One of the highlights of this year’s Glastonbury was a surprise appearance by David Attenborough, who congratulated the crowd and the organisers for going plastic-free for the first time in the iconic festival’s history.
People and companies are increasingly aware of the need to reduce plastic consumption and waste, thanks largely to the graphic images seen in Attenborough’s Planet Earth II series. To further encourage this vital ethos, The Plastic Free Foundation is encouraging everyone to participate in Plastic Free July.
Plastic Free July
This is a global initiative that encourages everybody to do what they can to reduce their use of plastic, particularly of single-use plastics such as water bottles, straws and carrier bags. They have loads of ideas
on their website for any individual or company who wants to get involved. Last year, an incredible 120 million people across 177 countries joined in. Could you or your business take part this July?
Ways to reduce plastic in your business
There are lots of different ways in which you as an individual could reduce your plastic waste, but to have an even greater impact, why not involve your workplace and get everyone working towards the same goal? You can take the challenge
via Plastic Free July’s official site, or do something more low-key and work towards a sustainable reduction of plastic use all year round and post your efforts on your company’s website or social media pages.
1. Encourage eco-habits in the workplace
Could your staff or co-workers do more to reduce their use of plastic? Encourage them to bring reusable water bottles and wrap sandwiches in recyclable material or reusable containers rather than clingfilm. Consider offering incentives such as entry into a monthly prize draw to anyone who posts photos of their efforts on your social media site.
2. Ask suppliers to use plastic-free packaging
Have a think about what your workplace regularly orders in. Stationery, for example, can be heavily packaged and many items (such as rulers and ballpoints) are made mainly of plastic. Can you use alternative products that contain less plastic or use less packaging? If you have any say over procurement in your company, find out from your regular suppliers what they can offer by way of alternatives to plastic packaging. If your regular supplier can’t or won’t provide plastic-free alternatives, consider alternative suppliers and make it clear why you’re doing so.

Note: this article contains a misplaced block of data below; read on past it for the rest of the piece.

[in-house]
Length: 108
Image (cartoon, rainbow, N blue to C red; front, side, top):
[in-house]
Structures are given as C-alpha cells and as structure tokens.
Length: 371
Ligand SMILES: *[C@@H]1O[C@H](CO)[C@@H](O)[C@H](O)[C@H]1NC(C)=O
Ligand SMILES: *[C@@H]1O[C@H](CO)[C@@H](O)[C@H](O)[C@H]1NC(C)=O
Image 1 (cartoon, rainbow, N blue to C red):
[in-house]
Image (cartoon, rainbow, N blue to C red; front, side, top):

3. Provide fresh water filling stations
Staff need fresh drinking water throughout the day to remain productive. To encourage staff to use fewer single-use plastics (such as water bottles), invest in water coolers in your workplace and ask that staff bring reusable bottles from home to fill up as and when needed.
4. Audit your communal kitchen
Have a good clear out of your staffroom cupboards. How many single-use plastics are there? Bin liners, straws, plastic bags, plastic cutlery… it can be surprising to see just how much plastic there is already in your workplace. Many local authorities offer centralised soft plastic recycling points: consider rounding up the single-use plastics in your kitchen and arranging for a volunteer to take them to be recycled. Replace them with ceramic crockery, steel cutlery and compostable bin liners (or you could line your bin with newspapers instead).
5. Use positive signage
It’s easy for staff and customers to forget to bring their own bags or to pop their rubbish in the correct recycling receptacle. Consider downloading some of these posters
to create visible signage reminding others to do their bit to help the environment and making it easier for them to recycle.
6. Upgrade your cuppas
Switch to plastic-free teabags and ceramic mugs in your kitchen to make your tea breaks more eco-friendly. For an even greater impact, swap your plastic milk cartons for glass milk bottles or make up milk from tinned, dried milk powder.
7. Recycle more efficiently
Many workplaces have separate recycling bins for paper waste, but few have similar receptacles for plastic waste. Often this is because it’s unclear what the local authority will or will not recycle (you could consider prompting your local authority to do more to recycle plastics by writing to your councillors). Sometimes, it’s because recycling companies charge considerable amounts to collect recyclables. If your local authority accepts plastic recycling at your local recycling unit, see whether you can arrange a rota for volunteers to take a bag of plastics to be recycled every week or fortnight.
Safestore and Plastic Free July
We’re really pleased to support this cause and we’ve had a really positive response from staff across our 118 stores. Some of the steps we’ve taken are:
• Changed all milk deliveries at Head Office to glass bottles.
• Set ourselves a target to reduce all single-use plastic in our packaging range to 0% by the end of financial year 2019.
• Running a photo competition so teams in store can show us what they are doing to make a difference.
• Making our recycling points more visible.
The more companies and individuals that join this important movement, the better for everyone. If you make small changes, there’s no reason why those changes can’t be continued every month to help you work towards a plastic-free workplace for the long term.